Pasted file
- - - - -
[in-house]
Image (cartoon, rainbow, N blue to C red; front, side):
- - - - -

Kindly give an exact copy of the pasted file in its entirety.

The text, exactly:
[in-house]
Image (cartoon, rainbow, N blue to C red; front, side):